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Failing to 'Inspire'

<p>&lt;p&gt;Looking back over the last few years, it&amp;#039;s safe to say al Qaeda has had a rough stretch.&lt;/p&gt;</p>
Failing to 'Inspire'
Failing to 'Inspire'

Looking back over the last few years, it's safe to say al Qaeda has had a rough stretch. For one thing, the terrorist network's leadership and organizational structure has been decimated by the Obama administration. For another, al Qaeda's message to the Middle East -- change within the region is only possible through violence and civilian bloodshed -- has been discredited by the Arab Spring.

How bad have things become for the terrorist network? No one wants to read its magazine, either.

In June 2010, members of the vibrant online jihadist community launched al-Qaeda's first-ever English-language magazine. The premier issue of Inspire was glossy (or it would be if you printed the downloadable PDF, at least), filled with color photos and languid essays on the Great Satan, and a bombshell in the Western media, which relished the opportunity to see the world through the eyes of al-Qaeda propagandists.Bad news, however, for the editors hiding out in Yemen or Pakistan or wherever they might happen to be: Inspire, like so many newspapers and magazines here in the U.S., has seen its readership absolutely crater, judging by the download rates at jihadist site Tawhed.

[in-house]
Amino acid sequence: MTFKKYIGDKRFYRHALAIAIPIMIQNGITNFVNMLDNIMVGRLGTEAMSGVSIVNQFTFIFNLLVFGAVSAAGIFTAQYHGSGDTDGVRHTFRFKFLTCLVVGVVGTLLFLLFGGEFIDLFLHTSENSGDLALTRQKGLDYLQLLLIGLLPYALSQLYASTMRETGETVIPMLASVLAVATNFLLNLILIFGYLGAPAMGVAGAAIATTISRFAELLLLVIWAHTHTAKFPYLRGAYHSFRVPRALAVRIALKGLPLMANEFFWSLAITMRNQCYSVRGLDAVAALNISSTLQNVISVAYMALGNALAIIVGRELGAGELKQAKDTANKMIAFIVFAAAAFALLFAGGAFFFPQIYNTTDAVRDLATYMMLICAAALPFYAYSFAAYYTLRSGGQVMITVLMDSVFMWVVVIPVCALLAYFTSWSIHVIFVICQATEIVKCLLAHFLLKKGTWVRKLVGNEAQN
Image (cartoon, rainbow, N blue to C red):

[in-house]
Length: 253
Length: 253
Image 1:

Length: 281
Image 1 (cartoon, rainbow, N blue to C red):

The Atlantic's Max Fisher published this image based on statistics compiled by New America Foundation terrorism analyst Brian Fishman, and graphed by the estimable Derek Thompson:

Fisher added, "[B]e glad you're not managing circulation at Inspire. It's probably one place where you really, really don't want to piss off your bosses."